The area of Madison Heights south of Lincoln Avenue and north of Interstate 696 between Dequindre Road and Stephenson Highway will be eligible for a repairs program starting next summer.

The area of Madison Heights south of Lincoln Avenue and north of Interstate 696 between Dequindre Road and Stephenson Highway will be eligible for a repairs program starting next summer.

Photo by Patricia O’Blenes

Madison Heights program to offer repairs for qualified homes

Rollout tentatively scheduled for next summer, pending approval of federal funds

By: Andy Kozlowski | Madison-Park News | Published August 5, 2022


MADISON HEIGHTS — A program currently being developed by the city of Madison Heights will provide eligible homeowners with affordable household repairs starting next summer, once the federal government approves funds for it.

The city has budgeted for staff to work on creating “neighborhood improvement” areas that will help maximize opportunities for home repairs, code enforcement education and public amenities that will be funded through various means, including an allocation of $3,000 from the general fund, $26,000 through a Community Development Block Grant, $25,000 through the Michigan State Housing Development Authority (MSHDA), and private contributions totaling $27,000.

Melissa Marsh, the city manager, saw an opportunity to expand it even further. In April 2022, the city partnered with Habitat for Humanity of Oakland County to develop the Madison Heights Neighborhood Renovation Fund. Together, the city and Habitat applied for a federal grant through the FY 2023 Community Projects Fund, which will bring an additional $1 million of funding to the designated area of Madison Heights south of Lincoln Avenue and north of Interstate 696, located between Dequindre Road and Stephenson Highway, as approved by the MSHDA.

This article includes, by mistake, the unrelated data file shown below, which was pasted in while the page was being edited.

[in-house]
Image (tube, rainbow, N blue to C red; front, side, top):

The program will be multifaceted, helping Madison Heights homeowners to repair and replace furnaces, hot water heaters, kitchens, bathrooms, roofs, siding, decks, porches, and more.

“We have received positive responses with our grant approved in the upcoming federal appropriations bill,” Marsh said in an email interview. “While this is excellent news, and a significant step in approval, we must now wait on approval by the Appropriation Committee, passed by the House and the Senate, and then signed by the president.”

She said that she expects all of the necessary components to be in place for the program to launch in the summer of 2023. As for the area that will be eligible, in the southern end of the city, Marsh noted there is a high concentration of low-income housing there where many individuals cannot easily afford home repairs.

“Homes in the designated area were constructed during the 1950s and have deteriorated throughout the years due to normal wear and tear,” Marsh said. “This project will address home repair issues in this section of the city, assisting homeowners who would not otherwise perform the home repairs on their own. The program will be open to anyone living in this area, with preferences to elderly and disabled homeowners.”